My bout with GBS variant Miller Fisher Syndrome

Hello! I just signed up and thought I'd post my experience and see if anyone has any general input for me. This may end up being a little long winded, but as I'm sure many of you know, it's not like there's a lot of people around in real life who've had GBS/MFS so it'll be good to tell my tale. Toward the end of last year, after I had a nasty cold virus for about a week, I woke up one day feeling a little off. My muscles felt "rubbery", like after a workout, and my vision seemed a bit strange. I shrugged it off as hopefully part of the cold virus, and went to bed that evening. The next morning I woke up with pronounced double vision, and tingling/numbness in my arms and legs, as well as poor gait. Off to the emergency room I went! They did a pretty thorough workup, blood tests, CT scan, and 3T MRI. Thankfully, all came back negative and the doctors were now leaning towards my situation being the Guillain-Barre variant Miller-Fisher syndrome. Looking back now I'm curious as to why they didn't do a spinal tap at the time. Anyway, they wanted to do a "wait and see" and advised me to see my doctor and see a neurologist. After a night in the ER for observation I was released.

All neurologists in this area had at least a two month waiting period and I decided to go with my optometrist's recommendation and see a neuro-ophthamologist (still a 2 month wait). In the first 4 weeks I actually recovered slowly but steadily from the tingling and numbness. I was pretty encouraged, although the double vision did not budge one bit during this time, much to my lament! During this prolonged period of waiting to see the neuro-ophthamologist I was pretty nervous about my situation. I felt like I needed to do something and take some action! So I was researching auto-immune conditions and found that steroids like prednisone seem to be the mainstay of almost all of them. I asked my regular doctor about it and he thought that a short course of steroids would be safe and worth a shot. So I did a 12-day tapering course of Prednisone starting at 60mg. I found this to be a mistake. For one, it made me have increased heart rate and insomnia. But worst of all, when I started the Prednisone I started having new symptoms like jerky movements, and some muscle twitching. I white knuckled it through the 12 days and side effects like the heart rate and insomnia subsided. But the jerky movements and twitching didn't subside and are still here now two months later.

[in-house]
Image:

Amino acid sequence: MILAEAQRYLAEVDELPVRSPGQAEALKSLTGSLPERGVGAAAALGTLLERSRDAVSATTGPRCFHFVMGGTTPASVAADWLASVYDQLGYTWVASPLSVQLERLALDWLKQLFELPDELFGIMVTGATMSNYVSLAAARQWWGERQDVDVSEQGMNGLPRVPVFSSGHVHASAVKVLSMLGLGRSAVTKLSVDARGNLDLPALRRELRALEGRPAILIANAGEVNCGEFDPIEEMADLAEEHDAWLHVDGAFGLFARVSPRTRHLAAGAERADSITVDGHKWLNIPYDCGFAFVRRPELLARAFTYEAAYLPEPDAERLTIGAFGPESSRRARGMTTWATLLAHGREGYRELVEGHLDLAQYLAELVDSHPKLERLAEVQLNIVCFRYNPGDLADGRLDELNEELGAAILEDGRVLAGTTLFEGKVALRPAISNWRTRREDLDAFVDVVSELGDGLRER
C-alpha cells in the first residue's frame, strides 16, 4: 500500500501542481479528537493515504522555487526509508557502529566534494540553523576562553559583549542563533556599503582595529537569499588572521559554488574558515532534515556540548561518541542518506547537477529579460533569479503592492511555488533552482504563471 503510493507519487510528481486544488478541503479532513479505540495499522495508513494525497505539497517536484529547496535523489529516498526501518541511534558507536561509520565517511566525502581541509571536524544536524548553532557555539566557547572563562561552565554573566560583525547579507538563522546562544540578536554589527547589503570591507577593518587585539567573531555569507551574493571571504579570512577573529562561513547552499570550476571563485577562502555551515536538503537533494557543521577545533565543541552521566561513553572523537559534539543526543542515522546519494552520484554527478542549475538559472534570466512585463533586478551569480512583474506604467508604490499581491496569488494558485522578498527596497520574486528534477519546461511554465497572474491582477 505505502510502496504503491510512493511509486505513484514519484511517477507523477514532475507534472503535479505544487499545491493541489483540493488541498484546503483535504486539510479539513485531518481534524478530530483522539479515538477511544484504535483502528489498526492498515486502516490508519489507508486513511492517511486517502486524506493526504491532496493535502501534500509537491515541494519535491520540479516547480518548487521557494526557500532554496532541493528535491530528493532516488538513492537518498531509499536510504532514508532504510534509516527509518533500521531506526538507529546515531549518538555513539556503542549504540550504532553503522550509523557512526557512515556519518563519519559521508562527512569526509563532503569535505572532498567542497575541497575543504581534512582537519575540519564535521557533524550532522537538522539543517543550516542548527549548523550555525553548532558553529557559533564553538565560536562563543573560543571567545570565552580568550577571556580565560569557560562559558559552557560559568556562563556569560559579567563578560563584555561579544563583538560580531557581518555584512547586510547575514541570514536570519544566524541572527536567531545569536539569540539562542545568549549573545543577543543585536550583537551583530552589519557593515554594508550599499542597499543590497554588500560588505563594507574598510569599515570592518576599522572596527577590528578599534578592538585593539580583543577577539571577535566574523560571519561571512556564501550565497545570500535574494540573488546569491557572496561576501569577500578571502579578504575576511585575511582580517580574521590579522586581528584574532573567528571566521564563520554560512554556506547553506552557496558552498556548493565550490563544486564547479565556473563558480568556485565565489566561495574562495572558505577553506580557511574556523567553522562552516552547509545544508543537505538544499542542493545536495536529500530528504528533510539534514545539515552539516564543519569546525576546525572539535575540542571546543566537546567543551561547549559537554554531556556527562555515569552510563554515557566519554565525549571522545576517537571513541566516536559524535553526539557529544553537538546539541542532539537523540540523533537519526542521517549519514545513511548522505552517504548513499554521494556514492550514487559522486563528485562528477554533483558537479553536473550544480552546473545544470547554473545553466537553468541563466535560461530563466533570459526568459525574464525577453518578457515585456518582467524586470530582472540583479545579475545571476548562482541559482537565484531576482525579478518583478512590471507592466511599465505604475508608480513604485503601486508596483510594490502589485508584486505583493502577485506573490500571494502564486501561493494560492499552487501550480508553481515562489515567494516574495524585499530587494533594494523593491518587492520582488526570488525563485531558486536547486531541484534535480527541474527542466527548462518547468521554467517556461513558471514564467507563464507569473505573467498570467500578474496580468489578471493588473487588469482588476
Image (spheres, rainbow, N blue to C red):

I had kept a pretty good humor about my situation up until this point. Sure I had moments of real despair, but I snapped back and maintained a healthy outlook. But something about making the decision to go on Prednisone and having it make my situation worse just really shook me up, and added a tragic quality to my situation that I'm still feeling. I really regret it. I don't know if the prednisone caused these new symptoms, which I will admit appear to be classic GBS/MFS symptoms, but it sure is a weird coincidence that they popped up right when I started the steroid course. It doesn't help that when I dug deeper on the internet I found that studies on GBS revealed (to the study author's dismay) that steroids either do nothing or they actually delay recovery/cause harm. So naturally I'm wondering if they caused me harm in this regard. My guess is they may have exacerbated the condition and aren't seperate side effects.

On the bright side, a month after the prednisone debacle, my double vision started to slowly resolve and at this time is basically totally restored. Only when I look to the very extreme right or left does my vision start to diverge a bit. Hopefuly this will continue to strengthen even more over time.

So to sum up at this point, I'm about three months and a couple weeks out from when this all started. I'm wondering if the journey is ending here, that what I got now is what I'm gonna have (residuals), or if I can hope for continued recovery. The jerkey movement thing is in nearly every part of my body, and hasn't improved much at all. So it's my primary concern at the moment. Most all the other symptoms showed improvement so I'm curious why this one is so stuck. I'm having health insurance issues so getting to see a neuro and even following up with my neuro-ophthamologist (who wants a spinal tap so that the workup can be complete) is all delayed at this point.

My diet routine is to eat pretty healthy, as many organic foods as possible, lots of fruits and veggies. Plenty of eggs and avacados, which are good for myelin. Supplement-wise, I'm taking a quality 3rd party tested multivitamin every day, magnesium supplement, vitamin-D and methylcobalamin b-12. I'm getting plenty of exercise but not too much and trying to keep my spirits up although I'm finding the more time goes on the harder it gets. Thanks for letting me post here! I'm glad I came across the forum.

Hi Nostromo:

Probably doesn't feel like it but compared to my dear friend with GBS/MFS, you are extremely lucky. Since September, she has been basically in a coma -- just recently was able to open her eyes, move her head and speak. I just visited two days ago and asked her what "new tricks" she had -- she can now move one finger a tiny bit and her right knee twitches a bit. But, other than that, she still cannot move her arms, legs, or torso at all. She goes through several hours of p.t. every day -- cannot hold her new baby (born one week before this disease hit) boy in her arms -- and this is a young woman who ran triathlons last year. Her husband visits for many hours every single day -- has quit his job to be with her.